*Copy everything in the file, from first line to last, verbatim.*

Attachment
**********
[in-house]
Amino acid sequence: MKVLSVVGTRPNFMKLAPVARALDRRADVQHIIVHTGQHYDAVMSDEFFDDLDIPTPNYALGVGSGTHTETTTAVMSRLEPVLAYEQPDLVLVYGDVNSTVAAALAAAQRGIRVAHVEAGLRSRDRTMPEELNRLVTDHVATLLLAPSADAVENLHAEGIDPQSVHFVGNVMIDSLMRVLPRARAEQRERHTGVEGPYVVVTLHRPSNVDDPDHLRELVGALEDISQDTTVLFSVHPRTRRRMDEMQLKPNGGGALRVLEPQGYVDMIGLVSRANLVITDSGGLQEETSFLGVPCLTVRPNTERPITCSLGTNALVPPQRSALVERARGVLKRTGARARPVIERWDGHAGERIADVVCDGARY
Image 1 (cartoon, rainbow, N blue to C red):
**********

[in-house]
Amino acid sequence: MKVLSVVGTRPNFMKLAPVARALDRRADVQHIIVHTGQHYDAVMSDEFFDDLDIPTPNYALGVGSGTHTETTTAVMSRLEPVLAYEQPDLVLVYGDVNSTVAAALAAAQRGIRVAHVEAGLRSRDRTMPEELNRLVTDHVATLLLAPSADAVENLHAEGIDPQSVHFVGNVMIDSLMRVLPRARAEQRERHTGVEGPYVVVTLHRPSNVDDPDHLRELVGALEDISQDTTVLFSVHPRTRRRMDEMQLKPNGGGALRVLEPQGYVDMIGLVSRANLVITDSGGLQEETSFLGVPCLTVRPNTERPITCSLGTNALVPPQRSALVERARGVLKRTGARARPVIERWDGHAGERIADVVCDGARY
Image 1 (cartoon, rainbow, N blue to C red):